The following article appeared in the Coalfield [VA] Progress (9-7):
"Students and teachers at Norton Elementary School are almost fully adjusted to Reading First, a grant-funded reading initiative that’s part of the federal No Child Left Behind Act of 2001.
"According to Susan Forkner, reading coach at the school, Norton Elementary has become a local model for what the Reading First program can accomplish.
"‘We are a school that other counties are coming to visit,’ Forkner said. ‘I’m really proud of these teachers. They've really incorporated the program and gone with it. At first, it made their work a little bit harder. Now they see they're working smarter, not harder.’
"The school’s success means more grant money. Funding is authorized under Title I part B of the No Child Left Behind Act, and is awarded on a year-to-year basis. Norton was one of the first Virginia schools awarded a six-year entitlement grant, and received $186,000 for the 2005-06 school year…. To receive grant funding, a school must continue making positive progress.
"‘Your test scores need to be moving upward each year, which indicates that you’re making progress,’ Forkner explained. ‘The whole idea is "no child left behind," or every child passing the tests,’ she added.
"While a large portion of the grant money goes to materials such as books, computer programs and educational games, much of the funding is funneled into teacher training, including a free master's degree program.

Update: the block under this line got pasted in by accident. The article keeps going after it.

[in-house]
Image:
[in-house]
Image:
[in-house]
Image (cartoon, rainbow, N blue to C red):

"Twelve teachers from Norton Elementary are participating in a reading specialist master’s program through Emory and Henry College. Books and classes are fully funded through the grants, and any Reading First teacher who wants to sign up can. The teachers have just completed their first year of classes, and will complete the program in May 2006….
"One special benefit of the new program in Forkner’s eyes is the teamwork between teachers in a grade level. Since all teachers in a grade level coordinate their efforts, rotating students of different learning levels between their classrooms, teachers are working together in teams.
"Forkner stressed how proud she is of Norton Elementary School’s teachers, who have taken a difficult transition and turned it into a success.
"‘This money is being put to use in the right direction,’ Forkner said. ‘It’s wonderful to go in these rooms and see all these kids so independently reading and working.’"END -->
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